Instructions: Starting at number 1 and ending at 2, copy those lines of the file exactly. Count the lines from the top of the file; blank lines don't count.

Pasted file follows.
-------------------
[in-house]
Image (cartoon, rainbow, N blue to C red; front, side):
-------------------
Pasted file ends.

[in-house]
Image (cartoon, rainbow, N blue to C red; front, side):